27th Jan 2007 – In the morning we saw the captivating frescoes in the open art gallery of Nawalgarh. After that we decided to spend our evening having a camel cart ride to the countryside around Nawalgarh. At 4:00 clock, camel cart was at DS bungalow. Babli, the owner of DS Bungalow, put “Gadde” on it to make ride comfortable. We had taken camel ride in Jaisalmer and were thinking that camel-cart ride would not be that interesting. We discovered that there was no comparison. After beautiful Havelis the ride was icing on the cake.
The cart was passing between the narrow sandy by lane with the farms/village houses on both the sides. Soon the tussle started between the cart owner and the camel. The camel started to graze from the sides of the bye lane and cart owner had to push it hard to continue.
The ride was idyllic. We passed by the oasis of wheat field, where wheat pods (Ghenu ki Baaliyan) were swaying with the wind.
Then we came across this beautiful scarecrow protecting the mustard field.
And we moved on leaving the village behind.
Now there were we, surrounded by endless vistas of semi-arid desert stretched up to horizon.
Jaishree left her footprints on the sand.
Anirudh started to wonder how fast time passes; like the slipping sand from his hand. In-fact the four hours of our cart drive passed quickly and it was time to return.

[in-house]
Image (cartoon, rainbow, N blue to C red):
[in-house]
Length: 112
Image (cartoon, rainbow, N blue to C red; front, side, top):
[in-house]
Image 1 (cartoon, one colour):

At one side of the track we saw a tree with a few nest built by Baya “the weaver bird”.
About Baya: Baya in their non-breeding period resembles common female house sparrow. These birds build these artistic nests. It seems that the nests are hanging from the tree in a fragile manner, but they are very sturdy. It’s hard to remove these nests from the tree without almost destroying them. Male Baya are polygamous in nature, breeding 2-3 female Baya’s one after another in the breeding season. They build the half nests in the form of helmet (even with a strap) to attract the female. Female Baya inspects several such nests and then choose the most artistic one to move in. They are supposed to construct the remaining nest together but most of the time after mating when female is about to lay eggs, male moves out and female is left alone to complete the nest. Male constructs 3-4 such nests at a time. After moving out it moves to another nest start luring another female Baya. Three – four months later these nests are abandoned and then used by other birds.
While coming back these horse riders zoom past us in the twilight.
We rode back when sun was about to set, and the last rays turned everything – the sand, the smoke of evening meals being cooked in village house, the farms, the Khejri trees and our mood – mystically serene and calm.